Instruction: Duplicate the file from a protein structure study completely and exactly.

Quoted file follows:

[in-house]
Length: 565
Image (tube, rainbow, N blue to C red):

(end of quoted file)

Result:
[in-house]
Length: 565
Image (tube, rainbow, N blue to C red):